7. That is what I do. Weld round stock to a hardie shank!! Love it !!!! Happy I'm not the only one who tackles tasks the easy way ! Need reins for my tongs; weld on round stock!! Gotta love it. And yes, the bottom fullers i have purchased or are in the tool collection at the national historical site are relatively short and yes, rectangular skirt ; The portion that rests atop the anvil face. That was the phrase I'm looking for! I will try another day to forge one with the "RECTANGULAR SKIRT" but need a horizontal bickern now..... I simply wanted to forge some hardie tooling as opposed to fabricate from torch/welder etc. It takes time to figure out all the steps employed in forging hardie tools. Thanks !
  8. You are not looking for the Lancaster Geared No. 1 You'd think I'm quoting Obi Wan but in reality, there isn't such. You are looking for simply the Lancaster.
  9. Pics of the modified scrolling jig. It almost works like it should. Not sure what else can be done but time will tell.
  10. That is exactly how i forge blunt tapers. I have not seen any bottom fullers outside of what is commonly seen. They are as wide as the hardie shank and quite long. About three times long as wide. And rather short.......
  11. It has been posted/presented on this site many a time; right handed/your anvil horn to your left. Left handed/your anvil horn to right. Now I'm reading differently in this thread. I dont subscribe to either method. I do what I desire. Two anvils each opposite one another. I have many suggestions from visitors and they must have good reason for me to change such as; if your anvil horn points south on a Friday, the heel will break off. Until I hear something to the effect, i will operate my blower with dominate hand and point the horn where I feel like.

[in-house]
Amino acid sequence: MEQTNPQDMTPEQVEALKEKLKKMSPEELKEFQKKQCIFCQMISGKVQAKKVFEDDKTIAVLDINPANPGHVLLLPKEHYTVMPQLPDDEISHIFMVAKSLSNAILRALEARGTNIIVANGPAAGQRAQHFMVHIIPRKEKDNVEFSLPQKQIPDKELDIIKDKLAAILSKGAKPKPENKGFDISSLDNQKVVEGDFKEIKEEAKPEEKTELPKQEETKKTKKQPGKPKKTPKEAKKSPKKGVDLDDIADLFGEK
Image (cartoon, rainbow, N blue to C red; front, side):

12. The block hardie is reference only That is what the work piece looks like when i finished the hardie shank process. Then I hold the work by way of the shank and forge the top into a bottom fuller. I need to try a different method when forging. That of laying it on the side and forging out the sides.
  13. Yes. I think. I don't know..... I'm visualizing laying it on a side. It don't matter at the start as it be square. Then drawing it to widen it, Not make it taller, rather wider. Difficult to explain. It works but looks like a rounded cut-off hardie and bottom fullers dont look like that. The overall width should be as wide as the hardie square shank but three times longer. Like the above picture of the bottom fuller. Wide as the shank. But three times longer. Not taller.....longer. I dont have my bottom fuller to take a pic of.
  14. I use them as well. Quite nice, if you have one that is well cared for. Otherwise they sound like a rock crusher. A friend just bought a 12" 400 for his brake drum forge for 250.00 I thought the idea of a brake drum forge was cost. They are nearly free to build. So a 250.00 blower on a brake drum is akin to .......well....something I'm sure!
  15. I began with 2" x2" x 4" long. I drew the hardie shank and fit that to anvil. Not a challenge. But when I forged the top section; taper it and round the top to form the fuller, the tool is tall and narrow. Not like a fuller which are slender and long. My work looked like the top photo when I began to forge the taper. But i wanted it to look like the bottom photo. How should i have drawn out the top section to provide width? It works fine as is. But looks like a cut-off hardie with a rounded top (as opposed to a knife-like edge) I hope I'm making some sense.......however.....the forum-site will now swap the photos so nothing i have said will make sense. Very strange website.